Best Cocktail in Memphis
Where to begin? Favorites at The Peabody Memphis' Lobby Bar include the Peabody Cocktail, with rum and Southern Comfort mixed with orange and pineapple juices and a dash of grenadine. The Peabody Mint Julep is made with Early Times Mint Bourbon, a sprig of fresh mint, and a secret something or other.
Local on the Square -- located on Overton Square -- makes a Velvet Elvis, with Justin Timberlake's 901 vodka, lavender syrup, Champagne and orange juice.
Partying college kids head to Beale Street's Silky O' Sullivan's for music, barbecue (of course) and Divers, a lethal drink served in a yellow gallon bucket. Ingredients are "secret," but one blogger wrote he'd heard it's made from lite beer, Hawaiian Punch, rum or gin, and creme soda. They actually pay for that.
Don't Miss in Memphis
National Civil Rights Museum: The National Civil Rights Museum, which was renovated and reopened in 2014, moves many visitors into reflective silence and, at times, tears. Built around the Lorraine Motel, where Dr. Martin Luther King, Jr. was assassinated in 1968, the museum continues across the street in the one-time boardinghouse where James Earl Ray stayed when he shot MLK. After looking through the bathroom window from which Ray is believed to have made the fatal shot, visitors can read about investigations into the question of whether Ray acted alone.
Beginning with slavery, the museum moves on to cover the entire Civil Rights movement; exhibits span big-screen videos of crowds singing "We Shall Overcome" to a "burning" bus like the one that carried Freedom Fighters; a figure of Rosa Parks sitting alone on a bus to the Selma marches to a jail cell. On a recent visit, when a 7-year-old asked her mother, "Why did they burn the bus?", her mother responded quietly, and the child said, "That was mean." Every American should spend several hours there. (450 Mulberry Street; 901-521-9699; civilrightsmuseum.org; open Monday and Wednesday to Saturday, 9 a.m. to 5 p.m., and Sunday, 1 p.m. to 5 p.m., closed Tuesdays)
Sun Studio: A star-maker when teenagers hovered over 45 rpm records, Sam Phillips' studio is the self-described "birthplace of rock 'n' roll." Today's tourists take selfies in the very spot where Elvis first recorded when he was 18. Before The King came along, BB King, Howlin' Wolf, Ike Turner and Carl Perkins recorded here; Johnny Cash, Jerry Lee Lewis and Roy Orbison recorded here later. Check out the original equipment, hear stories of the artists and listen to outtakes of recording sessions. (706 Union Avenue; 800-441-6249; sunstudio.com; open daily, 10 a.m. to 6 p.m.)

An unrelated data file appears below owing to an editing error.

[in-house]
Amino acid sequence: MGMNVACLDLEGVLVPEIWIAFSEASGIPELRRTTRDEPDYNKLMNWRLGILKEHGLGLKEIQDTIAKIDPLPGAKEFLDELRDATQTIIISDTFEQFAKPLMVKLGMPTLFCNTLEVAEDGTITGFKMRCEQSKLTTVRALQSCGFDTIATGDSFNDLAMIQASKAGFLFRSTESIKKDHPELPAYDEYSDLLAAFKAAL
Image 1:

Memphis Rock 'n' Soul Museum: Memphis Rock 'n' Soul Museum is at FedEx Forum a block from Beale Street, and offers an introduction to Memphis music for those who don't have much time. (Third and 191 Beale Street; 901-205-2533; memphisrocknsoul.org; open daily, 10 a.m. to 7 p.m.)
Stax Museum: Telling the story of another onetime recording studio, Stax Museum is farther afield but worth the trip to learn -- and hear -- about the birth of soul music, "which began in the church and cotton fields." The museum also delves into blues and has fascinating exhibits, including the rebuilt interior of a 1906 Mississippi church and Isaac Hayes' 1972 gold-trimmed Cadillac, lined inside with white fur. Otis Redding and Sam & Dave were among the record company's stars. (926 E. McLemore Avenue; 901-942-7685; staxmuseum.com; open Tuesday to Saturday, 10 a.m. to 5 p.m., Sunday 1 p.m. to 5 p.m., closed Mondays)
Graceland: Of course, you have to see where Elvis lived and died. The pricey tour now is high tech, with iPads given to visitors as they self-guide through the first floor of his home. (It's called a mansion, but doesn't seem mega-big by today's standards.) His grave and those of his parents are near the pool. You can also see his costumes, automobiles and airplane, and, no surprise, buy stuff at 11 shops. The new official 450-room Guest House at Graceland is scheduled to open in October 2016. Meanwhile, the Heartbreak Hotel is still next door.